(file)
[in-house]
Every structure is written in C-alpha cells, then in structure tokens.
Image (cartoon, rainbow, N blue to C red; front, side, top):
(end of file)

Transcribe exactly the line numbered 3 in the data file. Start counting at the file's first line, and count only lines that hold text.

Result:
Image (cartoon, rainbow, N blue to C red; front, side, top):